The pace of business and scope of social change render it hard to render an accurate portrait of what law new will look like. However, some defining characteristics are taking shape.
These include an increased emphasis on client impact that focuses on cost savings, efficiency gains and enhanced legal delivery; the use of different processes that do not fit into standard practice models; the involvement of non-lawyer experts who can deliver legal services; the integration of the industry’s provider sources (law firms, in-house departments and alternative providers) to erase artificial, lawyer-created distinctions; and a focus on collaboration.
It is also expected that the legal industry will become more closely allied with its corporate customers and society at large. Its workforce will be more diverse-cognitively, demographically and culturally. It will be creative, tech-proficient and empathetic. It will be able to respond quickly, flexibly and predictably to changing customer needs and legal matters. It will be a collaborative, solutions-based, technology-enabled community that offers accessible, affordable, on-demand legal services. It will be a safe repository of data and collective experience that provides faster, practical, predictable solutions to once “bespoke” legal matters.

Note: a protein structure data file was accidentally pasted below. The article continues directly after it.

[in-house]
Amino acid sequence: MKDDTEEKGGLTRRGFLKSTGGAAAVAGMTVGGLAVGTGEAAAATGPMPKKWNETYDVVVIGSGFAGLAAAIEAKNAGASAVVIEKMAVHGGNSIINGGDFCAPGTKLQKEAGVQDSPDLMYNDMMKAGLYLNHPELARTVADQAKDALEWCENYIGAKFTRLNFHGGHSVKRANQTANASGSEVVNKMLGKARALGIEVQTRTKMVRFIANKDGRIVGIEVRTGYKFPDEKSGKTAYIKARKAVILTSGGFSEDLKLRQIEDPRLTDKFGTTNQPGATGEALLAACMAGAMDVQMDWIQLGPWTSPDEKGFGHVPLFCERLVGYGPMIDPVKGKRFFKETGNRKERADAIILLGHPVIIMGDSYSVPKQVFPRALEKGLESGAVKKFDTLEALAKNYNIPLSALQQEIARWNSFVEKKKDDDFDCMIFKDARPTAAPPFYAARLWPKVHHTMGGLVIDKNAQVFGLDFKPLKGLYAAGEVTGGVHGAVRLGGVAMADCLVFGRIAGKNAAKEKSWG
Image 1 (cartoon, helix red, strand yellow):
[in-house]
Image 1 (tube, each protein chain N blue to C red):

Law new is fresh icing on a stale cake. It is not law’s savior, but it is an opportunity for legal stakeholders to create the right business model.
The best way to approach this opportunity is for legal leaders to be opportunistic, not cautious. A well-thought-out plan to leverage law new techniques can provide an additional revenue stream and make a real difference in the lives of clients who have unique needs.
One example is the new California law that requires companies with more than 15 employees to publish their salary ranges in job postings. This is a simple yet effective solution to an issue that had been a major hurdle for many employers.
Similarly, the recent introduction of legislation in New York City requiring government agencies to report on data breaches that may contain personal information would be a useful tool for reducing the risk of identity theft and other privacy threats that can result from a breach. This bill is a modest step to protect citizens and businesses from the financial and other costs of data breaches. We encourage other states to consider implementing similar legislation as well.